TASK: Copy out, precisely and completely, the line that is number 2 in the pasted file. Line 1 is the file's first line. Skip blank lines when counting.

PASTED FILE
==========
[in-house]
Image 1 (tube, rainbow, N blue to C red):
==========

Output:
Image 1 (tube, rainbow, N blue to C red):